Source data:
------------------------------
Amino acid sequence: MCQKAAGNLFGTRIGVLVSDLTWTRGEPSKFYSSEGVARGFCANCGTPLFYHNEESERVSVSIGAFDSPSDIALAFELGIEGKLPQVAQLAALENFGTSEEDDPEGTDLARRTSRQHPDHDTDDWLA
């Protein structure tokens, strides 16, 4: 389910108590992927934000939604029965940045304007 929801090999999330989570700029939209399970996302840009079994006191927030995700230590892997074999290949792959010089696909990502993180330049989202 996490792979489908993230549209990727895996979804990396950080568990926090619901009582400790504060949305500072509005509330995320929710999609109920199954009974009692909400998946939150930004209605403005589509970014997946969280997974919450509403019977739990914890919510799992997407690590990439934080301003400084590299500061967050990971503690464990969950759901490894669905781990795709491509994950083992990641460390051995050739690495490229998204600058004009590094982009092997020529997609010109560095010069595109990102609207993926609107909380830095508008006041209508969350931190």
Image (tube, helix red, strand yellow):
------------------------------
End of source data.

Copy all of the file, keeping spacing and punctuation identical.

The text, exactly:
Amino acid sequence: MCQKAAGNLFGTRIGVLVSDLTWTRGEPSKFYSSEGVARGFCANCGTPLFYHNEESERVSVSIGAFDSPSDIALAFELGIEGKLPQVAQLAALENFGTSEEDDPEGTDLARRTSRQHPDHDTDDWLA
């Protein structure tokens, strides 16, 4: 389910108590992927934000939604029965940045304007 929801090999999330989570700029939209399970996302840009079994006191927030995700230590892997074999290949792959010089696909990502993180330049989202 996490792979489908993230549209990727895996979804990396950080568990926090619901009582400790504060949305500072509005509330995320929710999609109920199954009974009692909400998946939150930004209605403005589509970014997946969280997974919450509403019977739990914890919510799992997407690590990439934080301003400084590299500061967050990971503690464990969950759901490894669905781990795709491509994950083992990641460390051995050739690495490229998204600058004009590094982009092997020529997609010109560095010069595109990102609207993926609107909380830095508008006041209508969350931190």
Image (tube, helix red, strand yellow):